Robert Nairac is the subject of a new book, pejoratively titled ‘Betrayal, The Murder of Robert Nairac‘. The author is Alistair Kerr, a Scot and former Foreign Office diplomat; an African history graduate, he worked mainly in North Africa. He places the blame for Nairac’s capture and subsequent disappearance on an officer in the SAS, Colonel Clive Fairweather, who was in command of operations when the incident occurred on 15 May, 1977. Fairweather was slow to react, the book claims, because of the colonel’s serious alcohol problems.
That may be so but Nairac was a flambuoyant and reckless British spy who frequented pubs and other places where republican activists were known to meet . His military colleagues disapproved strongly of his approach and behaviour; In his article, ‘Shadow Man’, Eamonn O’Neill quotes a former high-ranking military source as saying, “It’s simple – Nairac didn’t just stick his head into the lion’s mouth – that wouldn’t have been enough for him. Instead, he had to go and stick it right up the lion’s arse.”
Nairac studied medieval and military history at Oxford, where he showed the first signs of standing out from the crowd. He kept a trained hawk in his bedroom and wore a Grenadier Guard’s uniform during exams . After graduating , Nairac attended the Sandhurst military academy, and while most soldiers tried to avoid the Six Counties, Nairac volunteered to serve there.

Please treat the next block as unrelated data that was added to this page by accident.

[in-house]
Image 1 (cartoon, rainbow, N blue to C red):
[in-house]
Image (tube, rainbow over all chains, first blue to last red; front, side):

Fairweather was a member of the King’s Own Scottish Borderers and was second-in-command at the siege of the SAS when it invaded the Iranian Embassy in 1980. After military service, he went on to become Her Majesty’s Inspector for Prisons in Scotland from 1994 to 2002, winning a reputation for fighting for prison reform, for better conditions, better treatment for women prisoners, and not least for alternatives to prison, especially for young offenders – including the Airborne Initiative, providing alternatives to prison for offenders from 16-25. He was deeply hurt when the programme closed in 2004 largely due to lack of funding from the devolved Scottish government.
Nairac, the maverick, untrusted by his fellow officers, was awarded the George Cross posthumously; an event that was simply part of a wider, British propaganda exercise to treat this story as the callous murder of a peace loving soldier, doing his duty and trying to prevent the Irish from murdering each other. The citation did not mention anything of the murky dealings of Robert Nairac which have been documented by respected print and television journalists; the Yorkshire TV programme, ‘Hidden Hand ‘, broadcast in 1993, raised unanswered questions about Nairac’s links to Portadown Loyalist paramilitaries and their involvement with the Dublin and Monaghan bombings; Ken Livingstone alleged in the Commons that Nairac was quite likely to have been involved in the organisation of the brutal murder of the three Miami Show band members; collusion was implicit in the work of the security forces.
Nairac was a product of Ampleforth College, the Catholic public school and was related to members of the Anglo-Irish upper classes. The Irish media were active participants in the propaganda campaign against Republicans and spiked all stories that touched on Nairac’s undercover activities. The author of this book is perpetuating the myth of murdered hero and is very clearly a revisionist, establishment kite flyer. The reviews on an online book supplier site have obviously been manufactured from a template – ‘at last , the truth about this courageous victim of the Troubles.’
The puppet-master was a casualty of war.
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